I have been very fortunate – its been nearly three years since my diagnosis and I am NED (no evidence of disease, or the solid tumor equivalent of remission which is more commonly used for liquid tumors). I have not lost much function – can still work a full day and have a rich and enjoyable family life. The only fly in my ointment are my cold feet.
This isn’t news – I developed cold feet pretty soon after starting chemo, and thank the taxol for them. The technical term is Peripheral Neuropathy Caused By Chemotherapy, or chemotherapy neuropathy for short. It is caused by damage to peripheral nerves – the ones all around your body which are responsible for feeling pain, pressure, heat and so on. The peripheral neurons which are the individual cells that make up the peripheral nerves are very vulnerable to some chemotherapies because they are both long and don’t replace themselves very well:
- Long thin neurons: Taxol is a drug that targets the microtubules, which provide structure and move things through the cell. Some peripheral neurons are many inches long, and very thin, and they rely on the microtubule network to move nutrients and waster products around, and also to bring proteins, which are made in the cell body, to the distant parts of the nerve. The machinery is very cool – as you can see on the diagram, there are motor proteins called dynein and kinesin that literally walk up and down the microtubules, dragging cargo. It is easy to appreciate that when you destroy the microtubules (which the cancer cells are using to multiply) you are going to make the life of a peripheral nerve difficult.
- Neurons don’t replace themselves very well: unlike skin, for example, which is in the business of taking a hit and fixing itself, neurons live longer, are supported extravagantly by the body with glial support cells and are not replaced rapidly. One reason is that the work of a neuron is to make connections – they are often connected to many dozens if not hundreds of cells, and it is not easy simply replace. Compared to skin, which has a simple architecture, the difference is that of replacing a tile in your bathroom, and replacing the electric wiring in your house.
What has surprised me a little in regard to my cold feet is how persistent and consistent they have been. It has not gotten better in the past two-and-a-half years, and the feeling is there all the time. While going through my work day I do sometimes not notice it for prolonged periods, as my attention is focused elsewhere. But in moments when there is little sensory input – when waking up in the morning for example, it is there. This past weekend I went to Galveston with my family for a day out, and when I got in the car I was impressed by the contrast between most of me experiencing the sweltering heat (99 fahrenheit on the car’s thermometer, and Gulf Coast humidity added on) and my feet which were telling me they were blocks of ice.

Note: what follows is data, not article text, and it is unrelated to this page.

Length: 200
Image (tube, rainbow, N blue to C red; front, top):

The Army of Women is a program of the Dr. Susan Love Research Foundation, and is a crowdsourcing mechanism for clinical trials. You enter the data of your cancer, and they send you announcements of trials that may be relevant. And yes, they do include men! In fact, what first caught my eye in this email was that it said “women and men”. Thank you! The obvious snag that it also said “in Northern California” did not put me off – I joined the trial!
What does the trial do? There are two parts. In the first part the goal is to see whether certain genetic factors make you more susceptible to chemotherapy neuropathy, which could lead to a way for a test that would predict it. Then perhaps additional measures could be taken to offset the damage, or perhaps the therapy could be skipped altogether. I derived little benefit from taxol, for example – my tumor continued to grow through it. This first part takes just a few hours, where some blood is taken for the genetic analysis and some functional tests and questionnaires are administered.
The second part is the intervention, and this uses light to stimulate the peripheral nerves. It is based on work diabetic neuropathy by Swislocki et al, which shows that this can work, at least for some people with some symptoms. It turns out that the biggest effect was seen not for pain per se, but for tingling and itchy sensations. The “cold” I feel in my feet is much closer to tingling than pain, so this gives me hope that the intervention might be effective.
Furthermore, in the original work Swislocki and colleagues used 4 treatments for the diabetic neuropathy, but are now using 8 treatments for the chemotherapy related study. They had concluded in the first paper that more therapy might give better results.
The trial is placebo controlled – that means that participants will be randomly selected to receive either the photon therapy or a sham treatment that seems like it. This is necessary of course, and I hope that I get lucky…
My thanks to Judy Mastick, RN, MN, who is making it all happen for this trial and who helped me apply and arrange the time. Come breast cancer awareness month, I will be heading to San Francisco. Not sure yet about the flowers in my hair…